MacBreak Weekly rant

This content is 18 years old. I don't routinely update old blog posts as they are only intended to represent a view at a particular point in time. Please be warned that the information here may be out of date.

Leo Laporte’s TWiT Podcast Network has some really good podcasts including This Week in Tech (TWiT). More recently, the network has launched MacBreak Weekly and (I understand) will soon launch a Windows Podcast hosted by Paul Thurrott. Of course, some of the information is subjective and must be taken with pinch of salt – it can also be very US-centric (this is helped when there are European guests, e.g. Wil Harris from Bit-Tech); however MacBreak Weekly annoyed me greatly as I caught up on a few podcasts over the last couple of days.

  • Whilst discussing the Mac Pro (in episode 3) there was comment about a lot of software not being optimised for multi-processor configurations and the reply came back (and I quote) “you mean that Apple actually built a computer that’s ahead of its time?”. No! I can accept that Apple may well have built a computer that offers more processing power than many users could use; and in Apple’s credit all Macs now have at least two processor cores (except any Core Solo Mac Minis that are still being sold – I think even they have hyperthreading) but both the other major PC operating system platforms (Linux and Windows) have supported multi-processor machines for some time now – if Mac OS X is not able to make full use of the machines then that’s a fault of the operating system designers at Apple and they need to get up to speed – quickly. I’m no developer but the need to rewrite applications to run on an Intel platform instead of the older PowerPC architecture was given as the reason for the distraction preventing writing applications to use the available processing power. That doesn’t stack up to me. I am casting my mind back 15 years now but I seem to remember from the operating systems internals module that made up a part of my degree that it is the task of the operating system scheduler to assign processor time to execution threads – so that’s Mac OS X then, not the applications. Of course if the applications aren’t threaded then there’s not much that the operating system can do about it, but even applications for a single processor should be multithreaded. Shouldn’t they?
  • They then went on to talk about striping four 750GB SATA drives to give 3TB of “super fast storage performance”. Hmm… it sounds very risky to me. SATA drives are okay for PC use but not designed for 24×7 operation; however, regardless of the disk hardware in use, RAID 0 (striping) offers no fault tolerance at all. Zero. Nada. RAID 5 and 6 would work (but are a bit slow for writing) and would reduce the available disk space to about 2.25TB. If the Mac Pro’s RAID controller supports it, the safest solution (whilst remaining performant) would be RAID 1+0 giving 1.5TB of usable space, mirrored across two disks and then striped. RAID 0 might be fast but you’d better hope it’s being backed up somewhere else and 3TB backups are not very easy to manage!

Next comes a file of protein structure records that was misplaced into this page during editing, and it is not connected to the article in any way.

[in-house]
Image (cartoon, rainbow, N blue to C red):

• In another section, the panel was amused that PC Magazine would cover a story about why 91% of Mac users are satisfied with their product (as Apple tops a user satisfaction survey). Get over it – Mac OS X is just an operating system and Macs are personal computers (they always have been). If that’s a bit literal then Intel Macs are definitely just PCs! Now, if Windows XP Magazine or Linux Format had covered this story then I could understand the amusement, but PC Magazine and Personal Computer World should be covering Linux, Mac OS and Windows stories (in my experience Personal Computer World magazine certainly does) as well as those relating to any other operating systems that run on PC hardware.
  • In one episode the guys were suggesting that there is no reason to buy a PC as a Mac can do it all, making it a better PC than a PC… but hang on guys – previously you were making a distinction between Macs and PCs – you can’t have it both ways! And as much as I love Apple hardware, a black MacBook sounds pretty expensive to me. Even the MacPress has commented that other PC manufacturers have been making black notebook PCs for many years now (and they don’t charge a £90 premium to have it in black). I’d love a MacBook but my IBM ThinkPad is still my favourite (and best built) notebook PC.
  • Another item that riled me was a comment that Macs have 5% of the PC market share but not 5% of the viruses – duh! Hackers, virus writers, and other miscreants like kudos. No-one gets kudos for writing a virus on something obscure, but as the Mac gains a greater market share it will be the target for more malware – especially as the MacPress continues to stress that Windows on a Mac is subject to the same security concerns as Windows on any other PC (true) whilst stressing that running OS X on a Mac is safe (misleading… and unlikely to remain true indefinitely). All PC users should practice safe computing, regardless of the operating system.

In all, MacBreak Weekly disappointed me with a general Mac-elitist view. Sure, I recently switched to using a Mac, but I run other OSs too (I’m writing this on my Fedora notebook). Mac OS X is good at some things, Linux is good at others and, believe it or not, Windows is good at some things too; Windows Vista and Windows Longhorn Server may be running late but Windows Server 2003 is still a great server OS. The trouble is that there are still too many “my OS is better than your OS” discussions.

Still, at least (in episode 5) I learnt about availability heuristics!

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